# Friedmann Equations with varying G?

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If Newton's constant $G$ actually varies with cosmological time $t$ would a suitably modified form of the Einstein field equations:

$$G_{\mu \nu} + \Lambda g_{\mu \nu} = \frac{8 \pi G(t)}{c^4} T_{\mu \nu},$$

together with the standard cosmological assumptions, lead to equations that look like the standard Friedmann equations but with the varying function $G(t)$ in place of the constant $G$?

This post imported from StackExchange Physics at 2014-05-04 11:16 (UCT), posted by SE-user John Eastmond
Why don't you try to investigate? Do you know how the Friedmann equations are usually derived?

This post imported from StackExchange Physics at 2014-05-04 11:16 (UCT), posted by SE-user Danu
Not really no. You're right I should investigate myself but I'm lazy. Maybe I'll try to find some cosmology lecture notes online that might give me some clues.

This post imported from StackExchange Physics at 2014-05-04 11:16 (UCT), posted by SE-user John Eastmond
Energy conservation + Einstein's equations is the way to go. I found that Carroll's book on General Relativity did a good job at explaining it.

This post imported from StackExchange Physics at 2014-05-04 11:16 (UCT), posted by SE-user Danu
Note that this ansatz breaks energy conservation. The reason Einstein picked the equation he did was because $\nabla_{a}\left(R^{ab} - \frac{1}{2}Rg^{ab}\right) = 0$, which satisfies the flux requirement on the stress-energy tensor, $\nabla_{a}T^{ab} = 0$. If you make $G$ a function of spacetime coordinates, you break this. Also note that this is similar to the approach taken by Brans-Dicke theory, where $G$ is promoted to a scalar field, and is given its own dynamics. Brans-Dicke has been heavily constrained by solar system observations.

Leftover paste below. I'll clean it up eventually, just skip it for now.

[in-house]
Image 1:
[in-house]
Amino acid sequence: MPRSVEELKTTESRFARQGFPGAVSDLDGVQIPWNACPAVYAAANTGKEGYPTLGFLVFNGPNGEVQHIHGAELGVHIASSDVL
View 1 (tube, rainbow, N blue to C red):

This post imported from StackExchange Physics at 2014-05-04 11:16 (UCT), posted by SE-user Jerry Schirmer
But is it acceptable for the global energy scale to change with cosmological time so that $G$ is a function of cosmological time alone? This might not imply a breakdown of local energy conservation.

This post imported from StackExchange Physics at 2014-05-04 11:16 (UCT), posted by SE-user John Eastmond
@JohnEastmond: yes it does. that gradient includes a time derivative. if the time derivative of $G$ is nonzero, then you either have to abandon the gradient of $T_{ab}$ being zero, which is unphysical, or you have to modify Einsteins' equation. Brans and Dicke did the latter, and that theory is observationally ruled out.

This post imported from StackExchange Physics at 2014-05-04 11:16 (UCT), posted by SE-user Jerry Schirmer

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The Friedmann equations are differential equations for the scale factor $a(t)$. You can derive them by plugging in the Friedmann metric $$ds^2=dt^2-a^2\left(\frac{dr^2}{1-kr^2}-r^2d\Omega^2\right)$$ where $d\Omega^2=d\vartheta^2+\sin^2\vartheta d\varphi^2$ into the Einstein equations you posted above.

Since the gravitational constant only enters in front of the energy momentum tensor, no derivatives of $G$ occur throughout the derivation. Therefore you can just use the standard Friedmann equations and put $G=G(t)$.

This post imported from StackExchange Physics at 2014-05-04 11:16 (UCT), posted by SE-user Photon
answered May 2, 2014 by (70 points)
Great! Thanks very much

This post imported from StackExchange Physics at 2014-05-04 11:16 (UCT), posted by SE-user John Eastmond
Note that if you take this approach, it just amounts to rescaling the values of $\rho(t)$ and $P(t)$ by a factor of $G(t)$

This post imported from StackExchange Physics at 2014-05-04 11:17 (UCT), posted by SE-user Jerry Schirmer

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